The Ikego area was a former ammunition depot in Zushi City. In 1937, the Japanese Imperial Navy used the land as a storehouse for ammunition. The area covers approximately 710 acres, including about 620 acres of Zushi City, which accounts for 14.5% of the city's area. Ikego first opened in April, 1996. 210 of Ikego's 710 acres are used for U.S. Navy housing. Ikego has a total of 854 housing units, with approximately 3,400 family members living on base. It is located approximately eight kilometers from Yokosuka Naval Base. Driving to Ikego is an easy task and will take approximately 25 to 30 minutes without heavy traffic. Traffic is heaviest in the mornings and afternoons, between 7-8 a.m. and 4:30-5:30 p.m.
Navy Family Housing at the Yokosuka, Ikego, and Negishi areas total about 2,469 homes and apartments during 1977, They all differ widely in age, construction, and layout. In Ikego the first 320 units opened April 1996. The remaining 534 units should be completed by April 1998, making a grand total of 854 units. These completion dates are subject to change based on the construction process of the Government of Japan. Ikego is set in forested hills in the seaside resort town of Zushi. There are three and four bedroom units for officer, enlisted, and civilian families. Ikego has a maxi-mort, club, pool, Child Development Center and Community Center. Sports and other crecreational areas should be complete during 1998. No fee shuttle buses run from Ikego to Yokosuka in the morning and return in the evening, and following extra curricular events at the High School. Ikego can be reached in 20 minutes by toll roads at a cost of about $3, and about 30 minutes by surface roads. Japanese public transportation involves riding two trains at a minimum cost of about $2.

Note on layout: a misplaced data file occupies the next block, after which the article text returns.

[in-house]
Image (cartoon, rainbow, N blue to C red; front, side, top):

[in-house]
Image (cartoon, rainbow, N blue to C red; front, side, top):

The Ikego Artifacts Museum is located on the third floor of the gym. Over 4,000 boxes of artifacts were discovered over the 30 acres of research area. These artifacts, extending from the Pre-ceramic Age (before the third century B.C.) to the Modern Age, provided us with precious data to about the previously unknown history of the Ikego area. The museum is open Tuesdays through Sundays, from 9 a.m. to 4:30 p.m. Admission is free. The Clam Rock exhibit is located behind the gym next to the tennis courts. You will be able to see the giant white clams (know as the "living fossils") that inhabited the waters near cracks in the earth's crust deep in the sea over three million years ago. The campsite on base is located in the East Valley. The campsite is the perfect place to get away from it all and enjoy Mother Nature at her best, with a beautiful view of the pond. Ikego has two great hiking trails. The short trail next to the Clam Rock takes about 30 minutes -- bring along a lunch and enjoy a picnic at the top. For the more advanced hikers, the longer trail is located next to the camping area. This trail takes about 50 minutes to hike and leads you out near the entrance to the housing area. Some of the trails in Ikego are over 300 years old, and are the original trails that once led to Kamakura City.
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